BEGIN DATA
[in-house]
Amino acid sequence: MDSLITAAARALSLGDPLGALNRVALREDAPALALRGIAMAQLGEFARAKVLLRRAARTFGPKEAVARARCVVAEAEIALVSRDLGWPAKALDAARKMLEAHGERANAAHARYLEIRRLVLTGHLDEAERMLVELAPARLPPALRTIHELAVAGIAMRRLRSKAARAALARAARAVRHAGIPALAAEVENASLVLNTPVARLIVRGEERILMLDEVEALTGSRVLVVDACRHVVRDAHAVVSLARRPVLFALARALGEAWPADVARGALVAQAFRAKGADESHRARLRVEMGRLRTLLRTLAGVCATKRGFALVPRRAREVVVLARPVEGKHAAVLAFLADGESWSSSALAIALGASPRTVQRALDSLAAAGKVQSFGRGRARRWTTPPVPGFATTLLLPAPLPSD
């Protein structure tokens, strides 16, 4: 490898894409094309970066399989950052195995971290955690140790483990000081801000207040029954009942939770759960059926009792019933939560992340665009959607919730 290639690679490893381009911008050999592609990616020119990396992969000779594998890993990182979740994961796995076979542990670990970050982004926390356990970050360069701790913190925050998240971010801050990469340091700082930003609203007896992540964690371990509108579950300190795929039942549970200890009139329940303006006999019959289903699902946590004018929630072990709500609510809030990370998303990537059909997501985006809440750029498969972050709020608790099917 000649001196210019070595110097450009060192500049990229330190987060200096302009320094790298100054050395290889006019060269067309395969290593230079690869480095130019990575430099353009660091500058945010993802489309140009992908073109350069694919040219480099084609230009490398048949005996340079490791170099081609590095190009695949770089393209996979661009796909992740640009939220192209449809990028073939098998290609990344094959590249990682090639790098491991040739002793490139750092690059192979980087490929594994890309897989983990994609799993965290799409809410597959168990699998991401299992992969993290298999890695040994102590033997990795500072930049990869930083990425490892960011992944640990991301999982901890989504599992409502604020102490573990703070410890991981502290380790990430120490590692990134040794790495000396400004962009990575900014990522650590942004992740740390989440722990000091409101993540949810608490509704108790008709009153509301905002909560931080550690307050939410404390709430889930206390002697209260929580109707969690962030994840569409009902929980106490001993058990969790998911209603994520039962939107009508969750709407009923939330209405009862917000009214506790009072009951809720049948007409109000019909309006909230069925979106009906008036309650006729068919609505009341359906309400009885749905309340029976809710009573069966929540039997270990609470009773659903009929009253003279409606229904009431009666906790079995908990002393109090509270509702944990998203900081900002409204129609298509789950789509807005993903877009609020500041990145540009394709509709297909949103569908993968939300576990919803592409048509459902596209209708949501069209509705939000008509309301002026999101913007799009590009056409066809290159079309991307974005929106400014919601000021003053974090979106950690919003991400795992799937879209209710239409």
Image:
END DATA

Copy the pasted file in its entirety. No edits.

[in-house]
Amino acid sequence: MDSLITAAARALSLGDPLGALNRVALREDAPALALRGIAMAQLGEFARAKVLLRRAARTFGPKEAVARARCVVAEAEIALVSRDLGWPAKALDAARKMLEAHGERANAAHARYLEIRRLVLTGHLDEAERMLVELAPARLPPALRTIHELAVAGIAMRRLRSKAARAALARAARAVRHAGIPALAAEVENASLVLNTPVARLIVRGEERILMLDEVEALTGSRVLVVDACRHVVRDAHAVVSLARRPVLFALARALGEAWPADVARGALVAQAFRAKGADESHRARLRVEMGRLRTLLRTLAGVCATKRGFALVPRRAREVVVLARPVEGKHAAVLAFLADGESWSSSALAIALGASPRTVQRALDSLAAAGKVQSFGRGRARRWTTPPVPGFATTLLLPAPLPSD
């Protein structure tokens, strides 16, 4: 490898894409094309970066399989950052195995971290955690140790483990000081801000207040029954009942939770759960059926009792019933939560992340665009959607919730 290639690679490893381009911008050999592609990616020119990396992969000779594998890993990182979740994961796995076979542990670990970050982004926390356990970050360069701790913190925050998240971010801050990469340091700082930003609203007896992540964690371990509108579950300190795929039942549970200890009139329940303006006999019959289903699902946590004018929630072990709500609510809030990370998303990537059909997501985006809440750029498969972050709020608790099917 000649001196210019070595110097450009060192500049990229330190987060200096302009320094790298100054050395290889006019060269067309395969290593230079690869480095130019990575430099353009660091500058945010993802489309140009992908073109350069694919040219480099084609230009490398048949005996340079490791170099081609590095190009695949770089393209996979661009796909992740640009939220192209449809990028073939098998290609990344094959590249990682090639790098491991040739002793490139750092690059192979980087490929594994890309897989983990994609799993965290799409809410597959168990699998991401299992992969993290298999890695040994102590033997990795500072930049990869930083990425490892960011992944640990991301999982901890989504599992409502604020102490573990703070410890991981502290380790990430120490590692990134040794790495000396400004962009990575900014990522650590942004992740740390989440722990000091409101993540949810608490509704108790008709009153509301905002909560931080550690307050939410404390709430889930206390002697209260929580109707969690962030994840569409009902929980106490001993058990969790998911209603994520039962939107009508969750709407009923939330209405009862917000009214506790009072009951809720049948007409109000019909309006909230069925979106009906008036309650006729068919609505009341359906309400009885749905309340029976809710009573069966929540039997270990609470009773659903009929009253003279409606229904009431009666906790079995908990002393109090509270509702944990998203900081900002409204129609298509789950789509807005993903877009609020500041990145540009394709509709297909949103569908993968939300576990919803592409048509459902596209209708949501069209509705939000008509309301002026999101913007799009590009056409066809290159079309991307974005929106400014919601000021003053974090979106950690919003991400795992799937879209209710239409």
Image: